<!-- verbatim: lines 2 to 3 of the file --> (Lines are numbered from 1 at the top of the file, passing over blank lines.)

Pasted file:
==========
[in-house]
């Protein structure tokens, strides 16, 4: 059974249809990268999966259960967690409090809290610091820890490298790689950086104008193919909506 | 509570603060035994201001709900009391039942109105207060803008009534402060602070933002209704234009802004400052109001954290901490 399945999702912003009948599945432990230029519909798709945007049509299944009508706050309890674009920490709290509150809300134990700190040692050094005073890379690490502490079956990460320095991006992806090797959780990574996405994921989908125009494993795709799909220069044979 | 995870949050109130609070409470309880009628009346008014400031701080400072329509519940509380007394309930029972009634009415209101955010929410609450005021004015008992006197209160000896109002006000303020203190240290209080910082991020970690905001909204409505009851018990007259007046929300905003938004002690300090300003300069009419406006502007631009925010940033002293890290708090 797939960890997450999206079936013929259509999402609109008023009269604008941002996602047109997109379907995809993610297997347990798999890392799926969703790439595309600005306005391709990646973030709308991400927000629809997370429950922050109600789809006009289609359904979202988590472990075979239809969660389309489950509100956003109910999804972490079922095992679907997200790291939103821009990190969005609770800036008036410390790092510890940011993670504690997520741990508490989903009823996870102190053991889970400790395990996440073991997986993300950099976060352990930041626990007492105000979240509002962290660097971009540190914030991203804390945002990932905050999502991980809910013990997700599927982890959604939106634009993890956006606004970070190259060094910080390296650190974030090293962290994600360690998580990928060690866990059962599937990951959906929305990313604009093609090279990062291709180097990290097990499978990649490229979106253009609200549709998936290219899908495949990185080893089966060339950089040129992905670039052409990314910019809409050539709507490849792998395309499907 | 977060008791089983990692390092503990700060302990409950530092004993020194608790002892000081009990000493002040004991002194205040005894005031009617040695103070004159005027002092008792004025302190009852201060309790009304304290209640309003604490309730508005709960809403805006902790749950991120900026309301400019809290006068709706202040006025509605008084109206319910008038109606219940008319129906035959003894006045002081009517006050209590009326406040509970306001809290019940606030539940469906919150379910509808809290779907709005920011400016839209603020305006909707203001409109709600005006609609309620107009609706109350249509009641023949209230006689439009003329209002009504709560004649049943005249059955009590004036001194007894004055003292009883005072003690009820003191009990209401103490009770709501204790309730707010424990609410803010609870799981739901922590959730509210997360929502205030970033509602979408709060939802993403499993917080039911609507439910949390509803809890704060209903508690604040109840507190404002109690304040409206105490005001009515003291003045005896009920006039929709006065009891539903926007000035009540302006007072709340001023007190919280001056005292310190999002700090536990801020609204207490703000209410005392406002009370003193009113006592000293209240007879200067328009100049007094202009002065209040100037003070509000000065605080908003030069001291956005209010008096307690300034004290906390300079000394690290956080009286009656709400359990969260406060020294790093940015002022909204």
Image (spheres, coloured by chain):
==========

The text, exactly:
């Protein structure tokens, strides 16, 4: 059974249809990268999966259960967690409090809290610091820890490298790689950086104008193919909506 | 509570603060035994201001709900009391039942109105207060803008009534402060602070933002209704234009802004400052109001954290901490 399945999702912003009948599945432990230029519909798709945007049509299944009508706050309890674009920490709290509150809300134990700190040692050094005073890379690490502490079956990460320095991006992806090797959780990574996405994921989908125009494993795709799909220069044979 | 995870949050109130609070409470309880009628009346008014400031701080400072329509519940509380007394309930029972009634009415209101955010929410609450005021004015008992006197209160000896109002006000303020203190240290209080910082991020970690905001909204409505009851018990007259007046929300905003938004002690300090300003300069009419406006502007631009925010940033002293890290708090 797939960890997450999206079936013929259509999402609109008023009269604008941002996602047109997109379907995809993610297997347990798999890392799926969703790439595309600005306005391709990646973030709308991400927000629809997370429950922050109600789809006009289609359904979202988590472990075979239809969660389309489950509100956003109910999804972490079922095992679907997200790291939103821009990190969005609770800036008036410390790092510890940011993670504690997520741990508490989903009823996870102190053991889970400790395990996440073991997986993300950099976060352990930041626990007492105000979240509002962290660097971009540190914030991203804390945002990932905050999502991980809910013990997700599927982890959604939106634009993890956006606004970070190259060094910080390296650190974030090293962290994600360690998580990928060690866990059962599937990951959906929305990313604009093609090279990062291709180097990290097990499978990649490229979106253009609200549709998936290219899908495949990185080893089966060339950089040129992905670039052409990314910019809409050539709507490849792998395309499907 | 977060008791089983990692390092503990700060302990409950530092004993020194608790002892000081009990000493002040004991002194205040005894005031009617040695103070004159005027002092008792004025302190009852201060309790009304304290209640309003604490309730508005709960809403805006902790749950991120900026309301400019809290006068709706202040006025509605008084109206319910008038109606219940008319129906035959003894006045002081009517006050209590009326406040509970306001809290019940606030539940469906919150379910509808809290779907709005920011400016839209603020305006909707203001409109709600005006609609309620107009609706109350249509009641023949209230006689439009003329209002009504709560004649049943005249059955009590004036001194007894004055003292009883005072003690009820003191009990209401103490009770709501204790309730707010424990609410803010609870799981739901922590959730509210997360929502205030970033509602979408709060939802993403499993917080039911609507439910949390509803809890704060209903508690604040109840507190404002109690304040409206105490005001009515003291003045005896009920006039929709006065009891539903926007000035009540302006007072709340001023007190919280001056005292310190999002700090536990801020609204207490703000209410005392406002009370003193009113006592000293209240007879200067328009100049007094202009002065209040100037003070509000000065605080908003030069001291956005209010008096307690300034004290906390300079000394690290956080009286009656709400359990969260406060020294790093940015002022909204």
Image (spheres, coloured by chain):